Mark Thomsen was a football star at Dana College, awing back who scored 93 points in his sophomore year. What a glorious year! In the first game of his junior year, he broke his leg and was out for the season. Back for the first game in his senior year, he broke his collarbone! Again, he was out for the season. Obviously, Mark's life was bound to be more than football, and Mary Lou was not destined to be a coach's wife. Mark came to believe God was calling him in a new direction. This call to Mark came, not in glory, but in disappointment: broken bones, and the death of his personal dreams. Mark's life had already been marked by suffering and tragedy at the age of 10 when his young mother died. It is not surprising then that the cross of Jesus and God's presence in suffering and death came to take center place in his life and his evolving vision of God's cruciformed mission. This vision culminated with his book in 2004, The Cruciformed Christ: A 21st-Century Missiology of the Cross.
Mark was a follower of Jesus: marked by the cross. His early experiences surely made him a compassionate man who listened, and who felt deep sympathy for people burdened with troubles and suffering. He was complicated, yet humble. He was brilliant, even intimidating. He was tenderhearted, combative, generous, aggressive, and courageous. He was a dreamer. He was a radical.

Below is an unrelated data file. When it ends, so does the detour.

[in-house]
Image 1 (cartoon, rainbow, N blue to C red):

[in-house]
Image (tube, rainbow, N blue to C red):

Mark lived with relentless energy, and so his death shocks us. Those of his generation expected he would outlive us. Former Bishop of the American Lutheran Church, David Preus, wrote, "Mark's vitality was such that one did not think of death and Mark at the same time."
Mary Lou willingly followed her own calling as she and Mark boarded the cargo ship to Nigeria in 1957. It was an era of great historical change. Five centuries of European colonialism were giving way to the birth of new nations around the world including Nigeria in 1960. The dominance of the Western missionary movement was giving way to organizing independent national churches with their own leaders including the Lutheran Church of Christ in Nigeria in 1956.
Mark was plunged into teaching and training Nigerian pastors. He continued that endeavor throughout his professional life: equipping church leaders for mission in their own countries. He also taught our church to get out of the driver's seat and share mission mutually, interdependently. Mark led with a vision to transform our colonial behaviors into mission in the way of the...